Farmers were encouraged to make the best out of the worse situation. Cocoa famers who lost their farms to bushfires were encouraged to plant highbred cocoa seedlings and those who could not cultivate their cocoa farms were encouraged to plant other crops. In less than four years the people started smiling again because food became abundant and life was fine.
Similarly, when the Volta River nearly dried up and the Akossombo Dam could not function well, causing power outages, ex-President Kufuor did not rest on his oars. He charged his Minister of Energy in the person of Mr. Kofi Adda to get to work. In less than a year, the Kufuor administration was able to import enough generators to support the Akossombo Dam which brought smiles on the faces of Ghanaians.
In the run-up to the 2000 general elections, then candidate Kufuor and the NPP told Ghanaians that the prices of petroleum products were too high and that when voted into power the party will make sure prices of petroleum products were reduced. When the NPP came to power they realized that they misinformed the people because when you compare the prices of petroleum products in neighbouring countries like Ivory Coast, Burkina Faso, Togo etc, ours were just too cheap.
President Kufuor, in his wisdom honestly told Ghanaians that what he told the people during the electioneering campaign was not realistic and that there was the need for Ghanaians to bite the bullet if we wanted the country to move forward. The government then increased the price of petrol from ¢6,500 to ¢10, 500.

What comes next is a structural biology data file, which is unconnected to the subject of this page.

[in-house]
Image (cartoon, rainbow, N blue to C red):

Because Kufuor was honest to the people, not an eye was blinked nor an eyebrow raised. We believed in our president and moved in sympathy with him.
The reason why people do not sympathize with John Mahama and the NDC is that they have refused to accept that what they told us in their manifesto and campaign platforms were nothing but lies. They told us that when voted into power they will make sure the NHIS premium would be paid once in our lifetime and that no new taxes will be introduced.
They said they will reduce the prices of petroleum products drastically and that the issue of cocaine, armed robbery, contract killing etc would be a thing of the past. They even foolishly promised that when voted to power they will use only 100 days to clear all the filth in the capital city. Today what are we seeing?
Total anarchy at all fronts!! Some people are bad oo! They have advised my wife to throw away a whole box full of my favourite Havana Cigar, and she did that. Okay, I will go for Tusker for Men while I wait for new consignment of the stuff from Raul Castro’s Cuba.